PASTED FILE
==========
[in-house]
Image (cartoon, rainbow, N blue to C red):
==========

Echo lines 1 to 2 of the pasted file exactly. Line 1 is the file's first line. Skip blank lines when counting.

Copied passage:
[in-house]
Image (cartoon, rainbow, N blue to C red):